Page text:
Fire at Venezuela oil refinery spreads
CARACAS: A devastating fire at Venezuela's main oil refinery, which has already left 48 people dead, spread Monday to a third fuel storage tank, complicating the difficult task facing firefighters.
Venezuelan President Hugo Chavez declared three days of national mourning and promised an investigation into Saturday's explosion at the Amuay refinery after a suspected gas leak, which sparked the massive blaze.
The governor of northwestern Falcon state, Stella Lugo, told local radio the toll has risen from 41 to 48 dead.
"We must announce that a third tank... is on fire," said Energy and Oil Minister Rafael Ramirez, who is also the head of state oil firm Petroleos de Venezuela (PDVSA), which operates the refinery on the Paraguana peninsula.
Ramirez insisted that firefighters were working to "control and confine" the blaze, which had previously been confined to two of nine storage tanks at the facility in Venezuela, South America's biggest oil producer.
Earlier, Ramirez had said that the fire would be contained "in the coming hours." He later noted that swirling winds were making the task more difficult.
On Monday, the flames and a massive plume of smoke were still visible several kilometers (miles) away from the refinery. More than 220 firefighters were still at the scene, trying to douse the flames, the government said.
The accident is the worst ever for PDVSA. About half of the dead were members of the National Guard tasked with surveillance at the site, according to Lugo.
Chavez, who is vying for re-election on October 7, slammed reports that poor maintenance was responsible for the accident at the state-owned refinery, one of the biggest in the world, as he paid a visit there Sunday.
"Some philosopher said -- I don't know who -- that 'life must go on,'" said Chavez, describing as "irresponsible" experts who have suggested that the government had inadequate safeguards in place at the site.
He also said that those who had perished in the tragedy would not be forgotten. On Monday, he visited the wounded at a hospital in Falcon state.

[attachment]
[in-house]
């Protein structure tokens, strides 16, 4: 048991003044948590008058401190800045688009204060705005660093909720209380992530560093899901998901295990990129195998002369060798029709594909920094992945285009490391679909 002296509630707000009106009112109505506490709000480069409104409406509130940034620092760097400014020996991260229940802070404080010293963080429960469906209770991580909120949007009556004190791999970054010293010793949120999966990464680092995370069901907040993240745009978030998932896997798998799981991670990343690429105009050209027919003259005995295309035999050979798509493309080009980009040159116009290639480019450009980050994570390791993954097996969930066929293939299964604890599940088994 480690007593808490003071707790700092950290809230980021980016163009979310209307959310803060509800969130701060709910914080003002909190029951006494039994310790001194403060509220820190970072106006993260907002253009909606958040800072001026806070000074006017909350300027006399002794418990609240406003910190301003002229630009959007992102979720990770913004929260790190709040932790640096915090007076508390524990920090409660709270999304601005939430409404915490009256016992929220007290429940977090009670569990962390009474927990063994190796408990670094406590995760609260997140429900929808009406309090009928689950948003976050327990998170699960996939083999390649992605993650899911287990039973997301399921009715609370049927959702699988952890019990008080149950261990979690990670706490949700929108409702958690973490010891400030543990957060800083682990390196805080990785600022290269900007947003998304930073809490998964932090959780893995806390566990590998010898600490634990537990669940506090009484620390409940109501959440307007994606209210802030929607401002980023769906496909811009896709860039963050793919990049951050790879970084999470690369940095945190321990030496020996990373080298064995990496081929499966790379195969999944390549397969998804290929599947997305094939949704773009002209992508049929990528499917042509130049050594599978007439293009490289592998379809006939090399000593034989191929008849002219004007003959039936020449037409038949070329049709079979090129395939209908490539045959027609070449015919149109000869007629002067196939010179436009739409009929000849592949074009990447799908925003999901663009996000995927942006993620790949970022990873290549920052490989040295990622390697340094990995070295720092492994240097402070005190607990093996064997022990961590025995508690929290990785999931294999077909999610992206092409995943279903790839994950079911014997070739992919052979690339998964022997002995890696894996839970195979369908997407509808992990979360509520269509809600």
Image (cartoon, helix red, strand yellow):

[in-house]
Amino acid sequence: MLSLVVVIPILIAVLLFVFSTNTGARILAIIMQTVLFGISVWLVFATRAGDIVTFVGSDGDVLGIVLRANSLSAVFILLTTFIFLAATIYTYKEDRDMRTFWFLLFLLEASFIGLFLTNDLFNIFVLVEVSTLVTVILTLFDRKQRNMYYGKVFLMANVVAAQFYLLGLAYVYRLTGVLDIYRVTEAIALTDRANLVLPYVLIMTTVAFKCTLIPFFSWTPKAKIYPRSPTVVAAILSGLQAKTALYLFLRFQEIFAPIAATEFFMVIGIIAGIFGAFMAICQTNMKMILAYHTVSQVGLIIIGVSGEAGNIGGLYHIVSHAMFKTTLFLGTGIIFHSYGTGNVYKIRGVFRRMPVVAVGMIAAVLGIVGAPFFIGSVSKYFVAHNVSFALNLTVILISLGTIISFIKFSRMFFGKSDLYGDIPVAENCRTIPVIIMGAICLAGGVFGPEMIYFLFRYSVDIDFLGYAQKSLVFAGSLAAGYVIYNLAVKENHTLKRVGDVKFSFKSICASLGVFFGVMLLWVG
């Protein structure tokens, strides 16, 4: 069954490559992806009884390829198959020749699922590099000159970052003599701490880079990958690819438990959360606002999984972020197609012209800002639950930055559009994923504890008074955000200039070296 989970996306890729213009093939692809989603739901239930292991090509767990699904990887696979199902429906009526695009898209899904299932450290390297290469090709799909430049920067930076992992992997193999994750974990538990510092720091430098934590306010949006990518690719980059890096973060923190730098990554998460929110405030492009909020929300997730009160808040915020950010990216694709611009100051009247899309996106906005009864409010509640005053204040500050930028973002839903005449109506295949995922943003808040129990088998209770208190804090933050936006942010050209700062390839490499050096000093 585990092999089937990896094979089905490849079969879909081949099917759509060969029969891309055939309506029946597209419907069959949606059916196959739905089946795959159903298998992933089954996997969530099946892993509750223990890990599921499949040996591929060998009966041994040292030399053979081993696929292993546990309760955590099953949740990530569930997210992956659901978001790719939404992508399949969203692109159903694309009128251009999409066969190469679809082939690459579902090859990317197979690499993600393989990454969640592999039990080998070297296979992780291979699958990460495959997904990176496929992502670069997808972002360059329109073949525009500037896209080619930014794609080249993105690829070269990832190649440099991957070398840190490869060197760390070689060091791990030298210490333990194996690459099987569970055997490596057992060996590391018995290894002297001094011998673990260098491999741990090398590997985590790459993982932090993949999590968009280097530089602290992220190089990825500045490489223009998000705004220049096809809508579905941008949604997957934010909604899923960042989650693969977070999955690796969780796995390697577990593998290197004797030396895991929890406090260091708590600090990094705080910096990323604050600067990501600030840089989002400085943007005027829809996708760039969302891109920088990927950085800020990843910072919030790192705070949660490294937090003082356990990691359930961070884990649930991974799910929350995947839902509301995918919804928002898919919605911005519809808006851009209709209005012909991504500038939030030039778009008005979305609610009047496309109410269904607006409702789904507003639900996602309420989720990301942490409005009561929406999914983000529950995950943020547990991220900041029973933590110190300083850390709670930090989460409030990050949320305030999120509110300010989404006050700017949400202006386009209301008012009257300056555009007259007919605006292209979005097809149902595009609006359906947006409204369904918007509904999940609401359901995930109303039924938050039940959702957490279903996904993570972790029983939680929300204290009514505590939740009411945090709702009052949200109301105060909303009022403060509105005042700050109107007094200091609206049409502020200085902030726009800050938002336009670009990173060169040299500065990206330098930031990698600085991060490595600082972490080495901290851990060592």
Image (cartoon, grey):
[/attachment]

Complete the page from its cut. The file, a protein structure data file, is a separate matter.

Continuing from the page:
The country's prosecutor general, Luisa Ortega, said a total of 151 people had been injured, 33 of whom remained in hospital. Ortega differed with Lugo on the death toll, putting it at about 40.
The refinery is located in a residential and commercial complex where workers live with their relatives and poor families who settled in surrounding neighborhoods. Authorities said 209 homes and 11 businesses had been affected.
Some residents just outside the perimeter cordoned off by security forces gathered belongings and prepared to leave their damaged homes, while others said they would remain on site.
"I am not afraid at all," said Ali Bello, 60, as he sat in front of his home whose roof was now awkwardly sloping downward. "They are saying it won't explode again."
Ramirez predicted that production at the refinery would resume two days after the fire had been brought under control.
But Jose Bodas, general secretary of the United Federation of Oil Industry Workers, questioned these plans.
"It appears to us that it is too early to talk about resuming production without knowing the exact cause of the explosion," Bodas told AFP.
Before the blast, the Amuay refinery was able to process about 645,000 barrels of crude oil a day.
Oil analyst Diego Gonzalez told AFP it was still too early to predict the cost of rebuilding the refinery and nearby residential areas.
Venezuelan media have often reported complaints about safety and maintenance standards at the country's refineries, but authorities insist there were no maintenance issues at Amuay.
Henrique Capriles, Chavez's rival for the presidency, on Monday called on the government to thoroughly investigate the incident and identify those responsible.
The Latin American nation produces about three million barrels of oil per day, according to state figures, while the Organization of the Petroleum Exporting Countries puts the number at 2.3 million barrels per day.
OPEC certified in 2011 that Venezuela has the largest oil reserves in the world at 296.5 billion barrels, surpassing Saudi Arabia, the country with the biggest refining capacity.
In March, Venezuela said the reserves were even higher at 297.57 billion.